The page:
The need for
a new Court
As South Africa began to negotiate its way to a new democratic constitution it became clear that a special court would be needed to protect what would become the nation’s most precious asset – the Constitution. Under apartheid, the justice system had been used as an instrument of oppression and therefore with the advent of a new constitutional democracy the justice system had to be transformed. The idea of a separate constitutional court was accepted, in principle, early on in the negotiations process by political leaders, but the manner in which the court would be established was now an intense and complex battle.
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With a new constitution coming into being, the Court had to be the guardian of the fundamental rights enshrined in the Constitution.
In carrying out its function to interpret the Constitution, it had to point the way with regard to the new direction chosen by the people of
The idea of a Constitutional Court
In 1991, the African National Congress (ANC) invited international judges, legal specialists, members of opposition parties and ANC members to a symposium to discuss the idea of a constitutional court. At a hotel in the Magaliesberg, some of the world’s best legal minds presented papers and rigorously examined constitutional court models from all over the world. After in-depth discussions, the committee resolved that a new court, with a blend of elements taken from different constitutional models, would best suit South Africa.
The then Law Commission and the Department of Justice agreed that a specialist court was needed but argued firmly that it should be a branch of the Appellate Division, the highest court under apartheid. So while the idea of a constitutional court was beginning to take shape in the minds of political parties and the legal fraternity, everybody had a different vision of how it should be established.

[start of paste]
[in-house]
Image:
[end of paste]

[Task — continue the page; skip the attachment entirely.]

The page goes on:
Pius Langa, an advocate and member of the ANC’s Constitutional Committee, was one of the voices that proposed that there should be a brand-new court instead of just a new branch of the existing Appellate Division. He firmly believed that the existing overwhelmingly white, male judiciary was tainted with the abuses of apartheid and would have very limited legitimacy in the eyes of the majority of South Africans. In Pius Langa’s opinion, simply extending the present judiciary would only ‘perpetuate disadvantage and inequality.’
Negotiations over the Constitutional Court
In June 1993 the question of the structure, composition and jurisdiction of the Constitutional Court was addressed in much detail at the Multi-Party Negotiating Process (MPNP). Although the idea of a separate court that would safeguard the constitution had been agreed to early on in the negotiations it was only at this late stage that the issues were addressed in any detail. When the Technical Committee for Constitutional Matters realised how contentious the establishment of the Court was, they drafted the first detailed report – known as the Twelfth Report – and presented this to the Negotiating Council. This was followed by long and vigorous debates. These were four of the most important issues that had to be resolved.
Under the Interim Constitution, (and for some of the period after its repeal and replacement by the 1996 Constitution), the Court treated constitutional review as exceptional. The adjudication of constitutional issues was a matter of last resort, to be avoided if there was some way to resolve a dispute … No longer … [After a seminal judgment in 2000 there is] an entirely new conception of the role of the Constitution in the legal system, and a remarkable expansion of the field of constitutional adjudication.
The institutional nature of the Constitutional Court
Should the new Constitutional Court be established as a separate court with jurisdiction over all constitutional matters or should it be a chamber of the then highest court, the Appellate Division?
The power of judicial review
Should the new Constitutional Court have the power of judicial review – a process under which executive or legislative actions are able to be reviewed by the judiciary?
Qualifications of the judges
What qualifications should be required of prospective judges of the Constitutional Court?
How should judges be appointed?